What a child wants, most of the time, is not what he needs. Adolescence is often thought of as a turbulent period, a period of rebellion against authority. Children and adolescents have a distorted view of themselves or the world. It is not uncommon that they have managed to create an insular world in which they can pretend to be completely detached and uninvolved. They love vampire romance, goth paraphernalia, and other weird stuff. Is this really the normal state of affairs? What is going to force you to a moment of clarity? What they do need is order and routine, which could affect practically every aspect of their lives. By order, I am not referring to military discipline. What I mean is organization, which is best indicated indirectly by saying that order is the result of having a purpose. Personality has a lot to do with self-esteem.
During the 1950s and 1960s, there was a constant discipline between family and school life. Today, home life is unstructured and the school day is unstructured. Parents are too permissive with their children. Without structured educational settings, the younger generation cannot learn the direct connection between their actions and their abilities. Everything builds on everything else. However, critical pedagogy told us that we should educate our children for social justice. Following Rousseau and AS Neill, the new pedagogical ideal is progressive education from the beginning. Who knows what deep psychological wounds you could inflict? Children need freedom. They like to play in the classroom and make games. They no longer need textbooks. As a result, they are learning next to nothing. They are doing less and less homework. They are not prepared to work in a group. At the same time, the grades begin to drop and the children blame the teacher. Lack of effort is valued socially in school. In fact, children are reinforced for the smallest things.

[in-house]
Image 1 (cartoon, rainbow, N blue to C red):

Some years ago, when I was teaching in an urban school, I met children who wanted to be praised for every trivial little thing they did. The fact is, we should only be praised when we did something significant. Progressive pedagogues do not make education more flexible, they abandon it. They leave the child to incoherence, boredom and laisser-aller. School should be a real world experience. Children will face a rude awakening later in life.
Only an organized environment allows young people to learn and develop their talents. In fact, no educator should tolerate insolence. I do not defend the Victorian attitude towards children. Certainly, a child needs love, and a lot. But the excessive permissiveness of modern parents and the modern school is surely doing more harm than good. Psychologists and pedagogues have a lot to answer for. I believe that tough love is the recipe for success.